It's amazing. Every year at this time there is a college basketball team that comes out of nowhere to capture the hearts of a nation as it marches toward the Final Four.
Twenty-five years ago it was Seton Hall, eight years ago it was George Mason, and three years ago it was Virginia Commonwealth.
Now, its Wichita State. The Shockers have shocked the nation by completing an undefeated regular season for the first time since UNLV in the early 1990s.
But lets be honest, do you think we're going to be hearing about Wichita State next year? Probably not. Unless you are a crazy sports fan, did you remember those Cinderella teams we talked about above?
That said, there are teams that year in and year out always perform well. Those are the teams that you cannot help but fill in as you complete your bracket today.
The powerhouses. Duke. Michigan State. Kansas.
These teams have successful coaches (Mike Krzyzewski, Tom Izzo and Bill Self, respectively) that make these programs consistently good, because they're consistently doing the same things.
The same proven training, the same proven plays with the same proven talent pool. The best players in the country want to play for these coaches.
Do you have clients lining up to work with you like these schools have kids fighting over them? If not, why not?
There are advisers that have people lining up to work with them. It is prestigious to work with certain advisers. But why? What are they doing different from you?
Consistent practicing, consistent events, consistent service, always wanting to be the best. You say you want to be the best, but do you do what the best advisers do?
Many times, financial services professionals act like a flash-in-the pan team. We just hit a home run with an event and we don't repeat it. We don't give it time to settle in. We chase another rabbit or squirrel that gets our attention. We don't have the discipline to stick with ideas and get great results over time. That is the key: Consistent events, consistent service, and consistent performance.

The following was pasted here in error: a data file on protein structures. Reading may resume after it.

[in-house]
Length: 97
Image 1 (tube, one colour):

I understand this as a business owner. We look at our balance sheet today and realize we need revenue today. Sometimes we have to look up and take the long view and ask the question, what are we doing now that will give us success in years to come?
That is what Duke, Michigan State, and Kansas do — they have rebuilding years, they plan, they prepare, they practice. Do you?
We do a lot of different things. We don't stay the course. That is really truly successful firms and really truly successful teams do. We try things once. We have one great result. But, one does not a trend make.
Do you even know what you are really good at in this industry? What is your best marketing technique? What is the best way to service your clients in a way that is truly yours? What clients do you work the best with? What is your brand and is it something you believe and that the community could recognize? Are you giving free financial advice to your community like the great coaches do to build your expertise and heighten your profile?
Good consistent coaching, good consistent plays and a good consistent training schedule, wins. You have to ask yourself do you want to surround yourself with the right players, the right farm team, the right recruiting and the right coach at the helm to help you have consistent winning results like Tom Izzo or Mike Krzyzewski, or do you want to be like Wichita State?
Please understand I'm a huge fan of Wichita State and I hope they go all the way and win the whole thing this year but I don't want my clients to be like Wichita State. I want them to be Duke. I want them to be Michigan State. I want them to be Kansas. I want them to be consistently successful.
One of the reasons why those three teams are consistently successful is because of what they do in the off-season. What are you doing when you are not out prospecting? You should hopefully be setting up the plays so when you do go prospect or you're trying to close business that you're a lot more successful.
Matthew Halloran is a certified coach for advisers. He wrote "The Social Media Handbook for Financial Advisors: How to Use LinkedIn, Facebook and Twitter to Build and Grow Your Business."